A case with huge repercussions for Christian business owners is hitting the U.S. Supreme Court this week.
On Tuesday, the justices will hear from Colorado baker Jack Phillips. Five years ago, two gay men entered his Denver bakery to ask him to make them a wedding cake. Phillips politely declined the project since be believes that God designed marriage to be between a man and a woman.
"I really had no idea that it could escalate to something like this," Phillips explained. "I just wanted to try and find a polite way to tell them that I couldn't create the cake that they were looking for."
That decision would come back to haunt him.
Shortly after Phillips declined the gay couple's request to make the wedding cake, they filed a complaint, saying that the baker had violated Colorado's anti-discrimination laws. The state's civil rights commission and an appeals court agreed. Those rulings forced Phillips to stop making wedding cakes altogether and cost him 40 percent of his business.
Now it will be up to nine justices to decide whether it was legally OK for him to tell the gay couple "no." And court watchers are wondering if this case could affect the very fabric of the right to freedom of religion guaranteed by the U.S. Constitution.
Phillips' attorney, Kristen Waggoner with Alliance Defending Freedom, told CBN News she thinks tolerance is the strongest argument Phillips has in his favor.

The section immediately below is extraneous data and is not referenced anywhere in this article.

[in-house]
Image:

"Regardless of what you believe about marriage if you want to have freedom for yourself you have to extend that to others," she said.
The ACLU and LGBTQ activists say Phillips' decision to refuse to make the cake is all about discrimination. However, others say existing laws already set precedence for the baker's right to refuse to do things that violate his conscience.
The U.S. has a long history of supporting conscience rights. For example, doctors and nurses don't have to perform abortions if they disagree, and pacifists don't have to fight in wars.
Attorney Mark Rienzi, senior counsel at the Becket Fund for Religious Liberty, says people don't have to celebrate an event if it violates their conscience.
"Weddings are often religious ceremonies and we don't have any tradition in this country of forcing people, forcing people to celebrate somebody else's religious event," he said.
While no one knows how the justices will rule, everyone knows the decision will have big implications for all faith communities.
Yaakov Menken, director of the Coalition for Jewish Values, said Phillips' case is particularly important for Jews because so much their religious observance is based on their actions.
"Need I tell you that this is dangerous to no one more than Jews because our religion is all about action? The way we tie our shoes in the morning is a religious act," Menken said.
"So no, if you tell us we have freedom of speech and freedom of worship but we cannot let religion guide how we do business, that is not religious freedom," Menken said. "And we Jews have seen this before. We have long, bitter, deadly experience with governments trying to force us to follow earlier versions of political correctness."